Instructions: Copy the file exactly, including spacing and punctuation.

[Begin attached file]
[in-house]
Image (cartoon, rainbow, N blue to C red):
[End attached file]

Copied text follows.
[in-house]
Image (cartoon, rainbow, N blue to C red):